Sunday, March 04, 2007

I Pledge Allegiance



Take a look at this, taken from an article on Pew Research entitled “42% - Christians First, Americans Second



Some people will look at this and worry about the Muslims being too fanatical. I look and worry that the citizens of the Kingdom of God don't seem to know where their citizenship lies! Only the Nigerians seem to have a clue about this; is it any wonder that churches are multiplying in Africa while they stagnate and die here in the States?

I am a Christian. A citizen of heaven, a subject in the Kingdom of God. I was born in this country and admittedly love it, yet would be willing to see her pass away for the good of the Kingdom. The United States of America is not God's chosen nation. My passport says that I am a citizen of this country, but it doesn't tell the whole truth. I am an alien, living out my life away from my homeland. "This world is not my home, I'm just a passing through…"

Paul says that we are fellow-citizens with God's people (Ephesians 2:19). He says that we are citizens of heaven (Philippians 3:20, written to the Philippians who would have been proud of the Roman citizenship that was theirs by birth). Peter wrote that we should live our lives as "aliens and strangers" (1 Peter 2:11). In fact, it's always been that way for God's people. Even when they were living in the Promised Land, they weren't at home. God told them: "The land is mine and you are but aliens and my tenants.” (Leviticus 25:23) If the people who lived in the land that God had provided for them were supposed to view themselves as aliens in that land, how much moreso should we.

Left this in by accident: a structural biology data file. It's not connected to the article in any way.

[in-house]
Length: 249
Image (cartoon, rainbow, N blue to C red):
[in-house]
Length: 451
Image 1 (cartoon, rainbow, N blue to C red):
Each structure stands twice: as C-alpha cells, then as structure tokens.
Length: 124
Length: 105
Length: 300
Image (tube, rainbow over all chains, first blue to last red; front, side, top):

Yet we forget that and get far too comfortable in the land we live in. I lived 15 years in Argentina and came to be very at home there. Yet I was never truly Argentine. (And my accent always gave me away!) What a blessing that was for me, to live those years as an alien. It helps me remember that, even now that I'm back in Texas, I'm still an alien.

There's an important passage in Hebrews 11. While discussing the men of faith from olden times, the writer says: “These all died in faith, not having received the things promised, but having seen them and greeted them from afar, and having acknowledged that they were strangers and exiles on the earth. For people who speak thus make it clear that they are seeking a homeland. If they had been thinking of that land from which they had gone out, they would have had opportunity to return. But as it is, they desire a better country, that is, a heavenly one. Therefore God is not ashamed to be called their God, for he has prepared for them a city.” (Hebrews 11:13-16) They recognized that they were strangers and exiles on the earth. And because they didn't seek an earthly homeland God is not ashamed to be called their God! Does our speech make it clear that we are seeking a celestial homeland? Can everyone tell that we aren’t thinking of a land here on earth? Do we readily acknowledge that we are strangers and exiles? Or are we too busy being proud to be Americans?